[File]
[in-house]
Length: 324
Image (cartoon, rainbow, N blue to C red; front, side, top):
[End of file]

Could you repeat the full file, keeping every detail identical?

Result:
[in-house]
Length: 324
Image (cartoon, rainbow, N blue to C red; front, side, top):